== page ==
Are "ideas" the cure to what ails conservatism?

[Kathy G.]

Lately, we've heard a lot about how conservatives are allegedly "out of ideas." Lack of ideas is supposedly the reason conservatives have recently been losing a slew of elections and scoring low ratings in public opinion polls, and why George Bush is the most hated president since the final days of Richard Nixon. What conservatives need, say some, are "new ideas." That's the ticket! Then their fortunes, currently in such spectacular free fall, will rally once again and stage a dramatic comeback.

I confess that talk of ideas in the context of American electoral politics long puzzled me. What on earth are these idée fixe-ated pundits talking about? Surely they don't mean ideas in the philosophical sense. American political discourse in no way resembles the Oxford Union debating society, let alone Plato's Republic.

Then I finally got it. By "ideas," by and large the pundits seem to mean a boutique-y marketing of a political agenda to the policy-making elites. As the historian David Greenberg once wrote, the main task of the Heritage Foundation (and I would argue, of other think tanks as well) is to "flood politicians and editorialists with ready-made policies and easy-to-digest talking points." Many political "ideas" amount to changing the packaging, but not the basic product. Old wine in new bottles and all that. Because I don't believe there really are any big "new ideas" in politics. It's just the same old ideas dressed up in a fancy new set of clothes.

For example, an old idea that conservatives have is that markets pretty much always work better than the public sector. So they thought up school vouchers as a way to strengthen the private school system and weaken the public school system. They don't like government programs, so they've been trying, for years now, to privatize Social Security. They don't like progressive taxation, so they've advocated a flat tax. And on and on.

Conservative "ideas" tend to amount to policies that transfer resources out of the public sector and into private hands. On the other side of the coin, liberal "ideas" do the reverse: they take money out of private hands and put it into the public sector, for the purpose of helping the less advantaged or solving social problems. Often, liberal "new ideas" take the form of new government programs. For example, several years ago when Tim Russert asked Rahm Emanuel what the Democrats' "new ideas" were, Emanuel mentioned enacting universal health care, significantly increasing subsidies so that more people can attend college, and creating a national institute for science and technology research.

The distribution of money and power in our society is basically what liberals and conservatives fight over. Liberals tend to want the money and power to be more equally shared, while conservatives want it to be concentrated in the hands of the corporations and the rich. But it's considered rude to speak publicly of things so vulgar as money and power, so when attempting to persuade elites, both sides find it helpful to talk about "ideas." That makes these things a lot more comfortable for all concerned -- we can all pretend that we're have a high-minded debate about ideals, instead of a grubby, down-and-dirty fight about power.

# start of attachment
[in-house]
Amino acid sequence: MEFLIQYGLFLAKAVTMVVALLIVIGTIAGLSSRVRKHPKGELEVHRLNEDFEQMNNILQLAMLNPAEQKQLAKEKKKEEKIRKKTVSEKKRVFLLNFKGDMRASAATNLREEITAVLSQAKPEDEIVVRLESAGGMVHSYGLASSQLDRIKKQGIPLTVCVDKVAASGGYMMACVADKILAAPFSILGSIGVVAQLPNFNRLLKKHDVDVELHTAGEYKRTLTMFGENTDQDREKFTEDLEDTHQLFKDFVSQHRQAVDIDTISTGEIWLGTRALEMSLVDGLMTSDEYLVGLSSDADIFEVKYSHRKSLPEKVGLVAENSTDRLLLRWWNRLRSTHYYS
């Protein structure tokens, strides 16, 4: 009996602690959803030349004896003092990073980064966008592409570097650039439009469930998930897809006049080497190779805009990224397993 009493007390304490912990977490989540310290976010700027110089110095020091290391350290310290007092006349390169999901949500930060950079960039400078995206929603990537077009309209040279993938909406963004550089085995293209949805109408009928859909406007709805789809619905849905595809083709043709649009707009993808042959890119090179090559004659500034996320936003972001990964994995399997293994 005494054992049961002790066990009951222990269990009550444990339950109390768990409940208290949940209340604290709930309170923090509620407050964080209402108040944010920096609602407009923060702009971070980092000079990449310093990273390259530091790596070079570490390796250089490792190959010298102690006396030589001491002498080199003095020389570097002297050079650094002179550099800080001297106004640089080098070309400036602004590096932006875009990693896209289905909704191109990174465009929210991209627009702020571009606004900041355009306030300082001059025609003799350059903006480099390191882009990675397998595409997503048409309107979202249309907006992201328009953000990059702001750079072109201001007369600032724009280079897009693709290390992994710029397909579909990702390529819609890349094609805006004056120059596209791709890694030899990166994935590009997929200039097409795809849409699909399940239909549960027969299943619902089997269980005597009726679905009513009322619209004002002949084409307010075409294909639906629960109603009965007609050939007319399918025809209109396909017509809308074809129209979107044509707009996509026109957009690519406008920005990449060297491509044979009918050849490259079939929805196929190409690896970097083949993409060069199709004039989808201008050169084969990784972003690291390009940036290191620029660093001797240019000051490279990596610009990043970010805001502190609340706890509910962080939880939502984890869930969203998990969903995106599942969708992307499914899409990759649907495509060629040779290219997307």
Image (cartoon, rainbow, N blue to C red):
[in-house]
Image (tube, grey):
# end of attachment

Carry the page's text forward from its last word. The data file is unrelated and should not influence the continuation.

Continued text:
Greenberg noted that "In American politics, liberalism and radicalism have been the preferred ideologies of the intellectuals." With the glut of liberal intellectuals around, coming up with "ideas" -- new programs and policies -- has not been much of a problem for the left. Those ideas may not have been fashionable, and some of them -- like universal health care, for example -- are very, very old. But "ideas" have always been there.

Conservatives have had more of a challenge along these lines. For one thing, once upon a time there were very few conservative American intellectuals. As Greenberg points out, "So insignificant was conservatism a half-century ago that Lionel
Trilling could claim there were no true conservative ideas in our
culture, only 'irritable mental gestures which seek to resemble
ideas.''' But it's not only that conservatives tend to attract fewer eggheads to their cause; while it's easy to frame a new government program as an idea, it's much harder to make dismantling such a program sound like an idea.

Half a century ago, at the dawn of the conservative movement, conservatives faced another, even deeper problem: their political aims were viewed with distaste by many of the elites -- policymakers, middle- and high-brow journalists -- that they were trying to appeal to. Racism and class warfare have an ugly edge to them, after all. So it was all the more important that conservatives come up with some high-minded "ideas" to sanitize their more controversial and unsavory goals.

In this respect, Milton Friedman was God's gift to the conservative movement. Friedman was a great economist and a world-class intellectual who, like the conservatives, believed in a radically deregulated state and in free markets as the best (or least bad) solution to virtually every social or political problem. Better yet, his ideology implied that screwing over the working class was not only the most economically efficient way to run our society, but conformed to the highest ideals of cosmic justice.

Eureka! in Friedman-style economics, conservatives had at last found their "ideas." Friedman-omics provided the figleaf of intellectual respectability which covered the moral depravity of much of their politics. Friedmanesque ideologues began to prevail in economics departments across the country, so many of the policy elites the conservatives sought to influence were already thoroughly schooled in the "magic of the market." Economics-based appeals flattered the elites by making them feel smart, and also by implying that their worldly success was entirely deserved, earned by the dint of their hard work and "human capital," and not by the luck of the draw of what class they happened to be born into.